25 years ago, on 3rd January 1993, “Star Trek: Deep Space Nine” made its TV debut in America. It wouldn’t reach UK TV screens until 22nd August later that year. Often thought of as the neglected middle child of the “Star Trek” offspring, looking at it now, it was simply two decades ahead of its time. Its complex, multi-layered and multi-season storytelling was a bold departure for the time and werSet your faces to stunned – #DeepSpaceNine is 25 years old. It’s time to head back to Bajor and start celebrating #StarTrek’s underrated triumph – more relevant today than ever.e it to be airing now, it would potentially be lauded as one of the great TV shows of the age. A diverse cast of conflicted and flawed characters, shifting alliances and an ambiguous moral centre which embraced a pragmatic realpolitik, it challenged and deconstructed Roddenberry’s idealistic and optimistic view of the future without ever abandoning or corrupting it. The series has aged far better than “Star Trek: The Next Generation” and doesn’t suffer from the creeping blandness which initially infected “Star Trek: Voyager” and ultimately consumed “Star Trek: Enterprise”. In many ways, its themes of terrorism, occupational legacy, religious extremism, social change and racial prejudices are more timely and relevant now than they were when the show first aired.

Season Overview

Season One is largely concerned, as you’d expect, with setting the scene and the main ongoing theme – apart from the Starfleet officers adjusting to a ‘frontier environment’ –  is the ongoing fallout from the recently concluded Cardassian Occupation and the rebuilding and restoration efforts which accompany it. Political instability on Bajor is driven by the sudden loss of a unifying spiritual leader and the resultant factional infighting which consumes a provisional government struggling to reintegrate a rebel militia into civil society. Terrorism, prejudice and scarcity of resources form the dark underbelly of the science-fiction action-adventure, although it’s not all doom and gloom.

With a central cast where Starfleet Officers only make up half of the crew, “Deep Space Nine” set out its stall to be different from the very start. Rather than a wandering starship which would have different adventures from week to week, never having to really deal with the long-term consequences of their actions, the series’ setting on a space station means that whatever actions or decisions the crew make, they own the results. It’s a much more consistent start than “Star Trek: The Next Generation” had in its first season and never really gets close to the many, many low points those twenty-six episodes boasted. Of course, DS9 only has twenty episodes in its first season but still the consistency and quality are palpably better. I give “Star Trek: Deep Space Nine” freshman season a combined score of 7/10.

On the surface, and certainly in the first few episodes, “Star Trek: Deep Space Nine” crams in a lot of Trek tropes: aliens conjured from the crews’ imagination, primitive societies being controlled by technological wizardry, possession of the crew by alien artefacts and there are even early-season visits from fan favourite characters as Patrick Stewart cameos as Jean-Luc Picard in the pilot and Q (John DeLancie) and Vash (Jennifer Hetrick) drop by for a visit in a later episode. Interestingly, Q simply doesn’t fit well in this new, grittier Trek. It’s not that DS9 can’t do comedy – it will prove repeatedly in later seasons that it can – it’s just there’s no spark of chemistry between Q and Sisko. Don’t feel too bad for the omnipotent superbeing, though, as he found a new home on “Star Trek: Voyager”, flirting with Captain Janeway. On the other hand, Vash would have fit right in with the new setting, if the crew didn’t already have Quark as its resident wheeler-dealer.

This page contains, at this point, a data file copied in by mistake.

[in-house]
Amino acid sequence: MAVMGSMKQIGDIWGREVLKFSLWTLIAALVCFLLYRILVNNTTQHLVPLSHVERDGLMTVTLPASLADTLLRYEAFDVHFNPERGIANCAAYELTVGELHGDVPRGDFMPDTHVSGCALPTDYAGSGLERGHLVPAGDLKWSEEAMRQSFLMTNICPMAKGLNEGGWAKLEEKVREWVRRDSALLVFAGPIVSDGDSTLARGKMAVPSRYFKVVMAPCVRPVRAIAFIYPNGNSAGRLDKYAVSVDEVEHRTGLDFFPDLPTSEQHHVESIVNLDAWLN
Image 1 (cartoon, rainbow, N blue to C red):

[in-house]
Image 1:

It wasn’t too long, though, before the ideas and themes which would keep the series powering on for seven seasons started to emerge and put down roots. By convention, the first season is heavily structured around introducing us to our new heroes. Thus we get Odo-centric episodes, Dax episodes, Bashir episodes, even O’Brien focussed episodes and he’d been around for fifty episodes of “Star Trek: The Next Generation”. But through other characters, the episodes weren’t just focussed on them, but on building out the world of Deep Space Nine. Through Quark, the series starts its long and successful journey to turn the Ferengi from a TNG punchline into a fully-fledged, darkly satirical allegorical Trek society as fully developed as any the franchise has offered before. Through Sisko and especially Major Kira, we start to explore the history of the Bajoran people and the Cardassian occupation. The Cardassians are pretty few in number in the first season but their presence looms large in many of the season’s episodes. Despite its subversion of the Roddenberry doctrine of peace and harmony, “Deep Space Nine” was closer than any series but perhaps the original 1966 series to embracing allegorical storytelling, using the conflict between characters, races and even between science and faith to explore its ideas and differing perspectives.

Benjamin Sisko (Avery Brooks) is, especially in this first season, a very different kind of commanding officer for a “Star Trek” series. There’s a soft-spoken authority that Brooks brings to the role, a kind of muscular wisdom and downplayed strength that lends itself well to the Commander’s situation. Even at this early stage, he demonstrates a keen sense of political and tactical awareness and his willingness to use leverage to bend situations and individuals to his will becomes an important trait later on. His status as the Emissary of The Prophets marks him out in a way that no other lead character in “Star Trek” had been before or since, at least until Michael Burnham in “Star Trek Discovery” but it only really manifests in his reluctance to engage with it at this stage.